What is the PSC?

By Chris Peeks Febuary 7, 2022


I first laid out a broad overview of the Public Service Commission, what they do, their funding, and some other generalities about the office a few weeks ago. In the following articles, we're going to go more in-depth. So precisely what is the Public Service Commission? Going by their title that would mean they're public servants. But are they?


The public service commission is a quasi-independent, three-panel board headed by a commissioner and two-place seats. The commission is a statewide elected office. However, the commission still faces voters in north Alabama even though they don't regulate anything there because that falls up under the Tennessee Valley Authority, which is under the federal government's control. Public Service commissioners are also not bound by term limits, as are the state's constitutional officeholders. Therefore they can stay as long as they want unless they are voted out or do not run for re-election.


Formed in 1915 to replace the state's railroad commission, the legislature expanded their responsibilities in 1920 to regulate and set utility companies' rates they charge their customers. Today after further extension, they now oversee the companies that handle gas, water, communications, and trucking. They are paid quite handsomely for this too, over $100,000 a year, and try getting one on the phone. They are never in the office. I called in December and asked to speak to Twinkle, and they informed me she took the day off to spend Christmas with her daughter. I thought to myself; "it's December 2nd."


Speaking of Twinkle, let's look at who is all on the commission. I've already done an article on Mr. Oden, so I will leave him off. I'll start with her.


Twinkle Andress Cavanaugh, a deeply entrenched Montgomery insider, is in her third term as commission president. Born with a unique name that has taken her far in politics, she lets people know it. First of all, do you think she would ever had made it this far if her name were Susie or Beth? No, absolutely not. But she says it all the time, "you know me; I'm Twinkle."And everybody's like yeah or wait no. What do we know about her? Other than she is Twinkle.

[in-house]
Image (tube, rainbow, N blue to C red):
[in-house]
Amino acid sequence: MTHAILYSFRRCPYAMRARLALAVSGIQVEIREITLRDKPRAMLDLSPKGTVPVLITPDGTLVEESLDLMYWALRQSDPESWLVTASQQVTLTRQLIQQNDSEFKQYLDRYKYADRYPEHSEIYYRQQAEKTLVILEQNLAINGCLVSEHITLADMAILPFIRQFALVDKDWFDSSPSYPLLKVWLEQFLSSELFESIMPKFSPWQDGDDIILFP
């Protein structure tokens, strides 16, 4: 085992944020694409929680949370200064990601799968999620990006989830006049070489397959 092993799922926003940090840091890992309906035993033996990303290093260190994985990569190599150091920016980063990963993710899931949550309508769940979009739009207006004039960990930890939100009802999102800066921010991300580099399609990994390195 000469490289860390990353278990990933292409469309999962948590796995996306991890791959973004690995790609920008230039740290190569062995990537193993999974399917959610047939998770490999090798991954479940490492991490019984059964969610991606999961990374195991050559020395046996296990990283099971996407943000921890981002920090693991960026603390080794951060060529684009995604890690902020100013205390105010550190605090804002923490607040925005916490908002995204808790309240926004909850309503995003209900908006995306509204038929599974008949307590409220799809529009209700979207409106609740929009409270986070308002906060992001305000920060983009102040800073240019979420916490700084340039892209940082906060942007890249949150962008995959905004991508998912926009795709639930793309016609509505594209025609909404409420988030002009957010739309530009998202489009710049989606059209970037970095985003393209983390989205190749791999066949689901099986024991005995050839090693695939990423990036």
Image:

She always comes up with the money to give back to the general fund during election years, but some stuff she does is funny. Like she has on her Twitter profile and campaign signs Jobs Jobs Jobs. Why I don't know, she has nothing to do with job creation. But probably the funniest is, in either 2012 or 2016 she had an ad about send Barack Obama a message by voting for her. Yeah, Twinkle, I'm sure the thought of you and what you can do to his presidency kept Obama awake at night. Who do you think you are? But I'll say it again. You always give money back to the general fund during an election year.


Beeker, a Greene County Commissioner for 20 years, is seeking his third term on the commission. Beeker says his primary responsibility is safety. Which sounds good but, I'm not sure what he means unless he's talking about cars running into trains which 85 collisions happen a year in Alabama, though I'm not sure how someone cannot see a train coming. I think saving the taxpayer's money while allowing utility companies to make a profit would be a good priority for you.


Speaking of that, I want to leave folks with one final thought here. Back in 2014, Twinkle Cavanaugh and Jeremy Oden approved a rate increase on the citizens of Alabama that did not affect Alabama Powers' profit margin. That 5% hike amounted to $72 a year. Now my question to you, Twinkle and Jeremy, why would you impose a 72 dollar-a-year "tax" on the consumers of Alabama for no good reason?


Chris Peeks

Reporter and Columnist

Alabama Political Contributor




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